When it comes to the issue of languages, the language law that was repealed by the new Parliament—the original law that was passed by the Yanukovych government was passed illegally and unconstitutionally. By repealing the law, the Parliament was attempting then to correctly implement a new language law that would provide for the use of multiple languages. Unfortunately, it was done in a very charged environment and the acting President Turchynov vetoed the repeal of the language law, so the law, in fact, still stands where minority languages that are represented by 10% of the local community will be included as official languages.
    Thank you.
    Madame Laverdière, a very quick question because we have to do a little committee business after this.
    I have a very quick question which is maybe a bit along the same line but from a broader perspective. Yes, we are worried about the situation of minorities. I'm thinking of Tatars, Jews, Hungarians. What is the impact of the situation on them? What is your rapid assessment of the situation with respect to minorities?
    I addressed that in my hearing, and we heard the statement from the Jewish community that even though they recognize some elements in Ukraine could be a problem, they are confident they're under the control of civil society, that civil society and the government exercise authority, and that these forces are really an insignificant minority. The remarkable thing of what happened in the Maidan was the way Ukraine came together and a new Ukraine was emerging on the Maidan. That Ukrainian identity that emerged was an identity shared by not just Ukrainians and Russians, because Ukrainians speak Russian—the divisions are by no means nearly as sharp as Putin is certainly portraying—but also the others.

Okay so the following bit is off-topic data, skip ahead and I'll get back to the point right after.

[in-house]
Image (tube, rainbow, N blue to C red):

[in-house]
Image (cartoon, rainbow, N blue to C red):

So I'm really confident that Ukraine can become a successful, pluralist democracy. If they can establish the right institutions, the rule of law—which is of course where they're headed now with this first election, what the Maidan was insisting upon—I think they're not only going to establish a successful democracy, but I believe they're going to establish a democracy that will have a message for the world. People were not just fighting for individual rights. They were fighting for civic responsibility. Some very interesting documents have come out of the Maidan about the vision of civic responsibility that the people of Maidan embraced, and on the religious question, the various churches conducted masses together. Regular masses were conducted on the Maidan by the Orthodox and the Greek Catholics. All of them share a common commitment to a free and independent Ukraine, and as I said in my testimony, I think this will be one of the greatest results to come out of this, because if that goal is achieved, I think it's going to have a profound effect in Russia.
    Thank you very much, gentlemen. I wish we had more time, but we have to suspend the meeting very quickly because we have to do a little committee business.
    So Michael Druckman, thank you very much for being here today, and via video conference, Carl Gershman, thank you very much as well.
    With that, I'll suspend as we go in camera, and very quickly we'll deal with the committee business of what we're going to do over the next couple of meetings. Thank you.
    [Proceedings continue in camera]